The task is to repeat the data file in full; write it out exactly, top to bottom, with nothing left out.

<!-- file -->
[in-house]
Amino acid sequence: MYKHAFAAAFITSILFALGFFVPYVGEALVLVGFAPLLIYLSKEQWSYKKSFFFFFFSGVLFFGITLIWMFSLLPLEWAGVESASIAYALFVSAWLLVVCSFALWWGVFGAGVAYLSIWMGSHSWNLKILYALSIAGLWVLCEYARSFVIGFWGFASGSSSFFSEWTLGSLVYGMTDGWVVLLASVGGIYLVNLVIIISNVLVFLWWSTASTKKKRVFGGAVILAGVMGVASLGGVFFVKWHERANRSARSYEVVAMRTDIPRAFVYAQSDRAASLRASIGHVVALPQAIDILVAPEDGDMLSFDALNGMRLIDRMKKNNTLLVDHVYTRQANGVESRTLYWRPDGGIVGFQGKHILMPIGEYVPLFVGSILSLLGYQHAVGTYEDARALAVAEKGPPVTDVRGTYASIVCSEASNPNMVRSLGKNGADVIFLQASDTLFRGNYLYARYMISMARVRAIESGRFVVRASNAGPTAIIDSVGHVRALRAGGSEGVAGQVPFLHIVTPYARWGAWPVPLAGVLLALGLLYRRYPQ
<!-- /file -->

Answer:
[in-house]
Amino acid sequence: MYKHAFAAAFITSILFALGFFVPYVGEALVLVGFAPLLIYLSKEQWSYKKSFFFFFFSGVLFFGITLIWMFSLLPLEWAGVESASIAYALFVSAWLLVVCSFALWWGVFGAGVAYLSIWMGSHSWNLKILYALSIAGLWVLCEYARSFVIGFWGFASGSSSFFSEWTLGSLVYGMTDGWVVLLASVGGIYLVNLVIIISNVLVFLWWSTASTKKKRVFGGAVILAGVMGVASLGGVFFVKWHERANRSARSYEVVAMRTDIPRAFVYAQSDRAASLRASIGHVVALPQAIDILVAPEDGDMLSFDALNGMRLIDRMKKNNTLLVDHVYTRQANGVESRTLYWRPDGGIVGFQGKHILMPIGEYVPLFVGSILSLLGYQHAVGTYEDARALAVAEKGPPVTDVRGTYASIVCSEASNPNMVRSLGKNGADVIFLQASDTLFRGNYLYARYMISMARVRAIESGRFVVRASNAGPTAIIDSVGHVRALRAGGSEGVAGQVPFLHIVTPYARWGAWPVPLAGVLLALGLLYRRYPQ